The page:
Nature’s Bathing Beauties: Hippos
Photo: Thomson Safaris guest, Debbie Stowers
When we send travelers on safari, we always tell them to pack a broad-brimmed hat and plenty of sunscreen. But how do the animals keep from getting baked to a crisp? If you’re not one of the creatures lucky enough to have a thick coat of hair (or unlucky enough, depending on how high the temperatures soar), how do you keep your skin protected?
If you’re a hippo, the answer is simple: it comes naturally.
Unlike many large mammals, hippos are nearly hairless (and they spend long hours in the sun).
They’re uniquely adapted to address this, however, since their skin secretes an oily substance which acts as a natural sunscreen. Though this secretion comes out colorless, it quickly turns a brownish-red color in the air, which led ancients to believe the animals were actually sweating blood (don’t worry, two acidic compounds make up the secretion…and neither of them is sweat or blood). The acids in this oily substance also protect hippos in another way: from germs. The secretion simultaneously acts as a natural antibiotic.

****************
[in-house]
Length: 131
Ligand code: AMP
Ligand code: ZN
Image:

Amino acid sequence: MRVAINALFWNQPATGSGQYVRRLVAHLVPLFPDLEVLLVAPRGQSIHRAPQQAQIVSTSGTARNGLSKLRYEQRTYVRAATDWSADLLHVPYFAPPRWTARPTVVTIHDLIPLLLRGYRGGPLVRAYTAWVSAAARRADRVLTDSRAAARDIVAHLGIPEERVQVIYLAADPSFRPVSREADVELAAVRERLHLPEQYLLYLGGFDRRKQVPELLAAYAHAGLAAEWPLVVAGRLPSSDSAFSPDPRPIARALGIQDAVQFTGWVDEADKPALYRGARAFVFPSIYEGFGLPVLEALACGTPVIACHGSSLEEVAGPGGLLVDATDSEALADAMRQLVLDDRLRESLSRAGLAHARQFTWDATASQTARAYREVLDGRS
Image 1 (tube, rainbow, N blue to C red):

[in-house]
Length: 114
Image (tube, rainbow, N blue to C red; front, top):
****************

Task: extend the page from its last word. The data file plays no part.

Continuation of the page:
The sunscreen keeps harmful rays from damaging hippos’ skin, but the skin itself works pretty hard to protect the hippos from just about everything else. Six inches thick, it’s a natural barrier to most predators. And while packs of lions, hyenas, and crocodiles have been known to attack young hippos, adults—with their massive size, thick skin, and well-known tempers—don’t really have any predator problems.
But you can’t just get magical, self-protecting, wall-thick skin without a trade-off. For the hippos, it’s a dependence on the water where they spend most daylight hours; if they stay out of it for too long, their skin will dry out and crack.
So they’re forced to just hang out in the pool all day, not being bothered by any predators, safely soaking up the rays. Tough life those hippos have. Tough life.